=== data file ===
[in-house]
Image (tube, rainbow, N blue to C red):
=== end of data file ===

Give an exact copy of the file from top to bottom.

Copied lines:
[in-house]
Image (tube, rainbow, N blue to C red):